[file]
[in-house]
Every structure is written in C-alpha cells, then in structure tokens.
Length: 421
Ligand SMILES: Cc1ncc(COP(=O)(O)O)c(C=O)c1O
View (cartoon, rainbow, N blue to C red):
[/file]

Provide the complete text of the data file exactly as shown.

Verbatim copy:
[in-house]
Every structure is written in C-alpha cells, then in structure tokens.
Length: 421
Ligand SMILES: Cc1ncc(COP(=O)(O)O)c(C=O)c1O
View (cartoon, rainbow, N blue to C red):